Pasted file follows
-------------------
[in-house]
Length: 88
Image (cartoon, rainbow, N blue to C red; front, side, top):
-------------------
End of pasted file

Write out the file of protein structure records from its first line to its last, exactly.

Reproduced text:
[in-house]
Length: 88
Image (cartoon, rainbow, N blue to C red; front, side, top):